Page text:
When McElwain replaced Will Muschamp, Hargreaves and his new coach, who won two national championships as Alabama's offensive coordinator, quickly found a common bond in winning. So McElwain encouraged Hargreaves to come to him with any suggestions he might have. In turn, McElwain has been able to lean on Hargreaves for help with other Gators players.
"We both want to do anything we can to win," Hargreaves says.
And to help that happen, energized Florida defensive coordinator Geoff Collins also challenged Hargreaves to become more of a leader on this year's team. Hargreaves's increased leadership role has eased the transition to Collins, who had formerly been Mississippi State's defensive coordinator for two seasons.
"He didn't try to change everything," Hargreaves says of Collins. "He asked us constantly what we wanted to do and what we liked. He worked for us. The guys appreciated that. He's a guru. He know what he's talking about."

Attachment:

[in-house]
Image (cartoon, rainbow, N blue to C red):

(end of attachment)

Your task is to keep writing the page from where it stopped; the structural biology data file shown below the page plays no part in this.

So does Hargreaves's father, but Vernon has never watched any of his film with his dad. The elder Hargreaves also never trained or pushed his son to play football. "He's strictly my dad," the younger Hargreaves says. "I appreciate that the most. He lets me learn for myself. I feel like that's why I am who I am today."
But Hargreaves's father does try to watch as many of his son's games as he can, despite usually having his own games on Saturdays. The elder Hargreaves doesn't talk about the plays his son makes, just the ones he didn't.
He often razzes his son about his tackling, an area where he knows he needs to get better. Not that the younger Hargreaves is at a loss for confidence when asked about his standing amongst college football's cornerbacks.
"I'm the best," Hargreaves says. "No doubt."
Barring something unforeseen, Hargreaves says he plans to bypass his senior year next season and enter April's NFL draft. He shrugs off comparisons to other cornerbacks, including the Seattle Seahawks' Richard Sherman, who he spoke glowingly of before last season.
"I'm my own type of corner," Hargreaves says. "I feel like my game is a little bit different than everybody else's in terms of what I can do and I like to do."
And what Hargreaves would like to do more than anything else is keep winning.